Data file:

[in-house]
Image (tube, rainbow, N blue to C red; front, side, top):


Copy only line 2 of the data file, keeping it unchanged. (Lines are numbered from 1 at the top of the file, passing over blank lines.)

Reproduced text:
Image (tube, rainbow, N blue to C red; front, side, top):